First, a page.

Suggestions for Studying Outside of the Classroom
I have found that some students take advantage of optional study tools that I make available by posting them online. In lower-level courses where I may have a large proportion of students that are not used to spending time studying and do not know what to do in order to study, I try to have some kind of study tool posted for each chapter we cover. For those students that struggle in the class and come to me for general help, I have them start with these. Again, it opens up a great opportunity for us to meet regularly in office hours, because we can go over the study tools together. To reinforce the utility of this to the entire class, I assign only a handful of these for homework, or as in-class, solo or group assignments during the semester. These study tools are usually review matrices, concept maps, annotations of a blank diagram, completion of a key points outline, and the like.
Hopefully, these techniques have helped some students to improve their performance, engagement, and study practices in general, but I have not done a study to test this. However, I found an unexpected benefit for at least some students. A couple of comments from students were that they appreciated that I wanted them to succeed not only in this course but in general, and that they were glad to learn how important study skills are to succeeding in their courses. I believe that by helping students learn how to study, we are not giving them a fish, but teaching them how to fish.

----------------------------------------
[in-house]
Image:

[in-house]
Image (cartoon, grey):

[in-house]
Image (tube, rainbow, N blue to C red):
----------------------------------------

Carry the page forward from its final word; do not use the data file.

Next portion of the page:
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Sydella A. Blatch is an animal physiologist. She studied zoology as an undergraduate and earned her PhD studying the nutritional physiology of insects from Arizona State University. Her postdoctoral fellowship was at the National Institutes of Health, in the molecular biology of mouse epigenetics at the Eunice Kennedy Shriver National Institute of Child Health and Human Development. She is now an Assistant Professor of Biology at Stevenson University, a primarily undergraduate university located near Baltimore, MD. She teaches courses in plant and animal form and function, and animal and human physiology. Her research interests are in understanding the relationships between microbes and B-vitamin production in, and the effects of this interaction on fruit flies. She has been awarded five awards for efforts in community building and diversity, gives professional development seminars on teaching-based professorships, and is a Physiology Education Community of Practice fellow.